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> Father.......christmas, not frightening at all!
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Copar aBeannichte 
Posted: 19-Aug-2005, 11:08 AM
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October 11th 1992,
my father died of a heartattack at 49 years of age, leaving my mum, my two younger sisters and me.
It was my granny's (mothers'side) birthday and my dad would not come with us because he felt a bit feverish. He told us to visit her , he would be allright.
After some time at my granny's home I felt the urge to go home and told my mum. She thought I was being a bit funny and said we had not been there for long. We stayed but the strange feeling stayed.
When we did come home later in the afernoon we found my dad in his bed lifeless.

Christmas that year we celebrated(?) at my youngest sisters' house with other members of the family. After dinner we had to go home to walk the dogs and my mum and I went home. When we came in the livingroom there was the unmistakable scent of a candle that had just been blown out.
The neighbours were not at home , so it could not come from their place.
We looked at eachother and said the same at the same time : " Dad's been here !"
We were sure it was him and felt he was still very close to us and the house.

Unfortunately I had to sell the house last year and with doing so I lost , apart from a wonderful old house, the place where my dad might still be. Still he will allways be in our hearts forever more. With the little money I made from the house I decided to design and register a tartan which is a tribute to him and a symbol to the closeness of the family.


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Sekhmet 
Posted: 19-Aug-2005, 01:40 PM
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Welcome, Copar!

I'd hate to have to part with the family house as well...I can just imagine how hard that must have been for you. The tartan is a wonderful tribute to him, and very original! Wish I would've thought of that. The idea might still come in handy. wink.gif

Who knows? Maybe your father will be able to follow you and your family to their new home. Stranger things have happened.


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ghost 
Posted: 19-Aug-2005, 03:08 PM
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Thanks for sharing. What a wonderful tribute to the memory of your father. I'm sure your family will appreciate it as your father lives on in your hearts!
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Copar aBeannichte 
Posted: 22-Aug-2005, 06:31 PM
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Dear Sekhmet and Eventide,
Thank you very much for your kind words, they strengthen the feeling that I did the right thing. My family is very proud of the tartan eventhough they are not Scottish. My dad loved the pipes & drums, and I have been with a pipe band as a dancer since I was 14, so they know what it is all about. My dad will always be very near to us no matter what.
Marc.
People say: times are bad.
We are the times
The times are
what we make of them.
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stoirmeil 
Posted: 22-Aug-2005, 06:44 PM
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This is your tartan in your avatar? Very distinctive. A rare tribute, and you yourself know how pleased and moved he would be by it if he knew.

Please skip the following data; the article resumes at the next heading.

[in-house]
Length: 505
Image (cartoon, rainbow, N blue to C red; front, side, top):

Being scottish has little to do with it. Scotland and her music work their will on people -- if they're very lucky. My father wasn't scottish either, but he spent World War II stationed in the highlands, and it changed him. We loved each other very much, but there was always a communication difficulty between us, until I stopped trying to look straight at him and understand him, but instead begin to look at what he loved. Now I know him better than I ever did when I was young and he was alive, through this music and this culture.

The house is one thing -- but you made a home for his memory in a new creation within an ancient and loved tradition. That was inspired, really. smile.gif
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Copar aBeannichte 
Posted: 24-Aug-2005, 05:30 AM
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Dear Stoirmeil,
This is indeed the tartan, there is a dress version as well.
I had the same thing with my dad, communication did not allways go well.
But through the years we look different upon things. We used to talk for hours until late at night, but we just had different vieuws. In spite of that the respect , due to the long talks, seemed to grow and there was the basis of love , wich helped a lot.The fact that we still miss people after they have died is a good thing,
it means that they meant a lot to us when they were alive. Love surpasses death that is for sure.
I feel indeed very lucky that Scotland has grabbed me this much, it is something that goes terribly deep and the kindness and hospitality of the Scots give me goose bumps every time I think of the moments I had the honour to be amongst them.
This year I made the tour to the vaults in Edinburgh and I must say they gave me goose bumps too, but for a completely different reason!
I was glad to get out of them, they did not offer a very welcoming atmosphere, two minutes after entering them my mouth went all dry.
I do not mind gosts or certain energies, but I am frightened when they are unfriendly or even evil. From what I understood, most of what is in the vaults is to say the least not allways in a friendly mood.
Anyway, thank you very much for your reply to my topic, lovely to read that there are so many similarities in relations that people have as children towards their parents.
Tioraid,
Marc.
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